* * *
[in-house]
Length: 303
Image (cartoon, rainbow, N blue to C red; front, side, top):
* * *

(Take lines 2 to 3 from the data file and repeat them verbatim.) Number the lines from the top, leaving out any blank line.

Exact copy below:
Length: 303
Image (cartoon, rainbow, N blue to C red; front, side, top):